Technology boost for E Cape rural school

Thursday, July 17, 2014

Mthatha – An innovative initiative by government to supply modern technology equipment to disadvantaged schools in rural areas is set to change the face of these schools. 

From traditional teaching and learning methods to high-tech tablet e-learning, government plans to invest millions of rands to equip schools in some of the country’s poorest regions with modern technology that authorities hope will improve learner performance.

On Thursday, Deputy Minister of Communications Stella Ndabeni-Abrahams rolled out the project by handing out television sets and satellite dishes to be used for learning at JS Skenjana Senior Secondary School, situated in Idutywa, near Mthatha, in the Eastern Cape.

The event also formed part of government’s National Imbizo Focus Week programme, which provides an opportunity for leaders to interact with different communities across the country and understand their needs. It also coincides with the week in which South Africa and the world are gearing up to celebrate International Nelson Mandela Day, an occasion dedicated to giving and uplifting communities.

Officials say the equipment will be used by the school to instil a culture of e-learning and help learners embrace modern technology in their day to day learning.

Deputy Minister Ndabeni-Abrahams said government will be investing more money in disadvantaged schools that are still behind with technology and ICT. The strategy will include what she termed “revolutionising the communication sector”.

“Our belief is for South Africa to be the best it can be; everyone has to be technologically educated. Government has realised that even though we have representatives in every area, communication does not necessarily take place everywhere as we would like it to be,” she said.

Earlier this year, the deputy minister handed over 30 tablet cyber labs to learners from St Patricks and Sandi Senior Secondary schools in rural Libode, also in the Eastern Cape.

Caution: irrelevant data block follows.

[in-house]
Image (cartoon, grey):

In Dutywa on Thursday, the deputy minister said internet connectivity in schools will enhance the standard of learners in rural schools to equal those in urban areas.

Modernising rural schools

The district has more than 400 schools, most of them rural, and lack the necessary modern technology needed in schools.

During the event, it was also announced that about 100 decoders, donated by pay TV operator Open View, will be given to other schools in the area.  

“We want every learner to be technologically savvy and this is a campaign we will be taking to every corner of our country,” she said.

Government will continue to invest in modern technology for both teachers and learners to ensure that South Africa meets the international standards in education.

While a number of schools in urban South Africa have incorporated the latest technology in the classroom, many rural schools were still trailing behind, with many lacking science laboratories.

It’s a life changing experience, says 17-year-old Grade 12 pupil Thando Ndlandlane.  

“For me, technology helps increase the desire of learners to learn. It helps us move away from the old boring methods of learning to new and exciting ways. I am very excited that from now on, we will be making use of various gadgets as we strive to improve our learning.”

Learners say the equipment will help them improve their learning while some said it will improve their knowledge of the world. This is particularly true in the rural schools where many learners still battle to even switch on a computer, let alone using it.

Deputy Minister Ndabeni-Abrahams said expanding access to appropriate technologies in rural communities in South Africa is vital to ensure equitable socio-economic development as envisaged in the National Development Plan.

School principal Nomawabo Dodo Sangqu said it was worrying that rural areas continue to be “side-lined” in terms of access to simple appropriate technologies and ICT.

“Despite the infrastructure challenges that we have, we manage to produce good results. We are hoping the investment in technology in our school will enhance the performance of the learners. We are very excited and humbled by this donation,” she said.

“We believe this is the beginning of new things to come for our schools. In the current world, we are required to be e-wise, so this is an opportune time for our school to take advantage of ITC to improve our quality of teaching and learning.” –

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